Like thousands of other asylum seekers who came by boat after August 2012, Mr Ali has been under visa conditions that stopped him from getting a job and restricted him to a fraction of the dole, $31 a day, scarcely enough for rent. Days stretched into weeks, months into years.
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But this morning, his first day back on the tools, the Pakistani Hazara is standing tall, surveying the construction site where he will be working as a brickie.
“I am bricklaying the fences here,” says Mr Ali. “Soon I will hopefully have bigger projects and can do a complete house.”
Australia’s strict visa rules that have forced asylum seekers to live in destitution are now being relaxed, with the federal government rubber-stamping new work approvals in numbers not seen for years.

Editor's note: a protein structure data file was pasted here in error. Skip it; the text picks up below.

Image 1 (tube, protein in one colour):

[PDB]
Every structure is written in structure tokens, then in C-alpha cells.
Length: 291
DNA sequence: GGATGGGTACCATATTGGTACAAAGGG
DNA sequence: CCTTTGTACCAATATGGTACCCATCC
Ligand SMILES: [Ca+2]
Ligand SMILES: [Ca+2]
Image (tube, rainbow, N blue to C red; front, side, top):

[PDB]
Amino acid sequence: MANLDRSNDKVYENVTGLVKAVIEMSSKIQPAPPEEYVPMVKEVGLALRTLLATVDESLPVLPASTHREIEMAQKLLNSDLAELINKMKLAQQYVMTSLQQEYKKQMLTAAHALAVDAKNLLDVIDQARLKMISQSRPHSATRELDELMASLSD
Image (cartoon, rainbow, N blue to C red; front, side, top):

Statistics obtained this week reveal a staggering 22,800 asylum seekers between January and September have been granted eligibility to start earning a living.
“In the same period last year, large numbers of illegal maritime arrivals remained in detention,” a Border Force spokeswoman said.
“Many were released on Bridging Visa E without work rights. A total of 62 had work rights.”
Of 25,000 boat arrivals now living in the community on bridging visas, more than 24,400 can now work.
Migrant resettlement service AMES said more than 2000 asylum seeker clients had received work rights, up from 350 in February.
“Work is not just about a pay cheque, it is a source of pride, self-reliance, improved health and sense of self-worth,” chief executive Cath Scarth said. “It gives structure and meaning to people’s lives and it is the fabric from which our society is wrought.”